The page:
Drawing inspiration from my forced prison

City talk | Dennis Lee 4 Dec 2020

The call came during a peaceful Friday dinner. Three hours later, a mini-van with men in hazmat suits showed up at the front door - and there went 11 days of my physical freedom.

This was the closest experience to being in jail for a law-abiding citizen whose worst crimes were illegal parking and jay-walking.

As an architect, when I first entered the quarantine room, I could not help but analyze the spatial layout.

With windows at both ends of the room and a bathroom at the back corner, the setup was conventional.

Unfortunately there was not much to work with: two single beds with thin mattresses, two small tables and chairs, a bedside table and one flimsy clothing rack, which fell apart after the third day.

If one had to spend the next 264 hours in solitary confinement, one might as well spend some time shuffling pieces.

By consolidating two singles into a larger king, the circulation space around the beds was immediately maximized and the layout also avoided bad feng shui.

As in most hotel rooms, the best orientation is often having the long side of the bed facing the entrance - the drawback not being able to watch TV while lying in bed.

All essentials such as food, water, air and electricity were provided with varied degrees of sophistication.

Whether the food is edible or mattress too thin would be subject to personal liking.

There were two big disappointments. First, if even prisoners get one hour of daylight per day, there is no reason not to provide a small balcony or ground floor terrace at the back end of the room with partitions between neighbors.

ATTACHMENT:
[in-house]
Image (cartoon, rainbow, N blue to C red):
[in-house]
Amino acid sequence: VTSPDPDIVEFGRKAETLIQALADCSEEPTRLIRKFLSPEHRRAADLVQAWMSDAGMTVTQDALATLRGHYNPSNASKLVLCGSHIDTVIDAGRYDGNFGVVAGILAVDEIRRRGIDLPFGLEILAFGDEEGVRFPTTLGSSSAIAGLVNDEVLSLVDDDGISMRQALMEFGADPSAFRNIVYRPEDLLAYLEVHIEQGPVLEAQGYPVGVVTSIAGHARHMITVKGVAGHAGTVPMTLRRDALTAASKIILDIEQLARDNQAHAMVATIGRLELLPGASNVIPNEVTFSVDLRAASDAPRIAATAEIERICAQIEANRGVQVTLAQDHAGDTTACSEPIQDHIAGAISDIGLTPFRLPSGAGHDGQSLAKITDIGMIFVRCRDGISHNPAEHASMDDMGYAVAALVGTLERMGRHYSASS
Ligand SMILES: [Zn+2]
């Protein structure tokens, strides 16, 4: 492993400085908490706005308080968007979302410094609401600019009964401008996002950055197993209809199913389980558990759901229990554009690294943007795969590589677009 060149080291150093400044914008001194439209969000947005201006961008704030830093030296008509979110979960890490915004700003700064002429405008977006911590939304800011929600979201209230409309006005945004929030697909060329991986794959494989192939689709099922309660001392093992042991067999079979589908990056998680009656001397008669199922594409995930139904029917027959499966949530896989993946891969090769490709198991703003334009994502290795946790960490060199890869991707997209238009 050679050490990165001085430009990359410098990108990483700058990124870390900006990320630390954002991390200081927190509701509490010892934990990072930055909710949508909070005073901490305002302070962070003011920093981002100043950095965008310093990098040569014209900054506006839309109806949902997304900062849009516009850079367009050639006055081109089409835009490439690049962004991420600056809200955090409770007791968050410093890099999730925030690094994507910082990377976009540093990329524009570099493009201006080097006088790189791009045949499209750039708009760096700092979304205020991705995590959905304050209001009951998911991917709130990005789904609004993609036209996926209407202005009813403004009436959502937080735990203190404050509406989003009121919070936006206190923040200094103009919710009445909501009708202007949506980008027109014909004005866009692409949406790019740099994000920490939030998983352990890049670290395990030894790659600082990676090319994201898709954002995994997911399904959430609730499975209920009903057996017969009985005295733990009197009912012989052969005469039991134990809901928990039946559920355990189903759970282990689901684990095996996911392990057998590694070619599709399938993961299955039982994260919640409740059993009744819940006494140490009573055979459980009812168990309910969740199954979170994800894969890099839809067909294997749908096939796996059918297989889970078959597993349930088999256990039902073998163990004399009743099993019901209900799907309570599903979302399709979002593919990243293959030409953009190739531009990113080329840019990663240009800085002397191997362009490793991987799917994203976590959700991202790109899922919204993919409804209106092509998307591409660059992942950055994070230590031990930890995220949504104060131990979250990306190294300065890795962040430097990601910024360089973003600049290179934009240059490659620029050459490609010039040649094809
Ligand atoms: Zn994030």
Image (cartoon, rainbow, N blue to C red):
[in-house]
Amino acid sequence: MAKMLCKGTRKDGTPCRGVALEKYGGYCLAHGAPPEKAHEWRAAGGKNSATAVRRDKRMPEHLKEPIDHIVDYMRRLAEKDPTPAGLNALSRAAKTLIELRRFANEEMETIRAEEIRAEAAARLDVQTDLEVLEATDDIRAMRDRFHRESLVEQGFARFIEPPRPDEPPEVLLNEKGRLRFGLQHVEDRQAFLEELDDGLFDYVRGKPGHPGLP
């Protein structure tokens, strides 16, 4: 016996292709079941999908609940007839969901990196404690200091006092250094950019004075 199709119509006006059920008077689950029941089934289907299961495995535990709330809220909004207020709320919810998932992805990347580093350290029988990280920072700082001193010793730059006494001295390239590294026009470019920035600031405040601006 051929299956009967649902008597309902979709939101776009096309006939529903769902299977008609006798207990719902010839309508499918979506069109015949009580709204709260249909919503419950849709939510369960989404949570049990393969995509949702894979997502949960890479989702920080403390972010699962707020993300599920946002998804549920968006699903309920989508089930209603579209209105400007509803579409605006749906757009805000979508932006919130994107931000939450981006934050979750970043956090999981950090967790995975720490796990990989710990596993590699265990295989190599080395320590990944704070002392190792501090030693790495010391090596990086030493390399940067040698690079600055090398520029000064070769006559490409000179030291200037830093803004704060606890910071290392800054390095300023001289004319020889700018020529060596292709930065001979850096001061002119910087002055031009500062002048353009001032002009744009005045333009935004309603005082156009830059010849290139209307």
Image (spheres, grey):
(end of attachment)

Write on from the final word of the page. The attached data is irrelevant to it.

Second, there was no wifi. Nowadays, any non-Amish individual would agree data connection is more important than good food or a mattress.

In fact, most hotels generally receive good ratings as long as their rooms are clean and have a reliable broadband connection. Without the need to spend extra, much better infrastructure could be provided in the roughly 2.5 m x 6 m quarantine room. It should be equipped with one bed - preferably a larger queen size - with an extra provided when needed.

We only need one large folding table for all appliances, a TV and laptop, one chair, one durable clothing rack with shelving and one power extension cord.

A discussion on quality of life is still valid, as a quarantined person is not a prisoner and has not committed any crime - none other than attending a work meeting with two Covid-19 confirmed participants in my case.

Yearning for a better designed quarantine room is not unfounded.

A better designed room goes a long way to bring comfort to the quarantined persons who are working with the government to contain a potentially massive virus outbreak.

With one out of seven persons in Hong Kong below the poverty line, this quarantine room is already far superior to the living environments of the many underprivileged families in Hong Kong - including those who live in bed cages and on the streets.

Perhaps this is the first step for the government and its housing divisions in understanding basic living standards and human needs, and the quarantine room might be the prototype of affordable modular living units to resolve our housing shortage in Hong Kong.

If collaborative efforts proved that 1,500 units could be built in a matter of months, imagine what we can do collectively to build modular housing in cleaned-up brownfield sites even before the first square meter of land is reclaimed at Lantau.



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